Superlatives fail when it comes to Michelangelo, of course. And so what can be said of an exhibition that attempts to take the measure of his endlessly creative life and actually pulls it off? Superlatives fail there as well.
The scope, scholarship, and sheer bravura of Michelangelo: Divine Draftsman & Designer at the Metropolitan Museum of Art, New York, which opens to the public on Monday, are astonishing any way you cut it. There are 128 of his drawings, with dozens more by contemporaries, as well as three of his sculptures; the list of works in the exhibition catalogue, including provenances and bibliographies, is laid out in small, single-spaced type that goes on for 15 large pages.
The technical logistics, not to mention the reams of insurance spreadsheets, that went into making it all happen must have been mind-bending, to say the least. The show will not travel, and it’s hardly an exaggeration to assert that an exhibition of this magnitude will never happen again.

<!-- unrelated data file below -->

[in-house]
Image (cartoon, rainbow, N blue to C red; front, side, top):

And so a note of heartfelt thanks to Dr. Carmen C. Bambach, who spent eight years organizing the show — and who, through her prodigious research, added another feather to her cap by moving one of the drawings in the exhibition, “Sleeping Reclining Male Nude with Boy-Genius,” from the “attributed” to the “autograph” column (though the wall label still modestly retains the former categorization).
“Sleeping Reclining Male Nude,” which is done in black chalk and bears the handwriting of Michelangelo’s frequent collaborator, Sebastiano del Piombo, is a minor work, but I couldn’t detect a false note in the treatment of form or the handling of the medium. I mention this only because the differences between Michelangelo’s methods and those of his contemporaries becomes a subtext of sorts, perceptible through the strategic placement of Michelangelo’s works vis-à-vis corresponding ones by others. You don’t have to look at the wall label to know the difference.